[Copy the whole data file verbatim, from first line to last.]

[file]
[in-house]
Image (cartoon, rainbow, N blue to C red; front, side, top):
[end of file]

[in-house]
Image (cartoon, rainbow, N blue to C red; front, side, top):